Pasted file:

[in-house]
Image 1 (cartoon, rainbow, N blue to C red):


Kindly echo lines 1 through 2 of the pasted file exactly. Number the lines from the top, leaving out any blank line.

[in-house]
Image 1 (cartoon, rainbow, N blue to C red):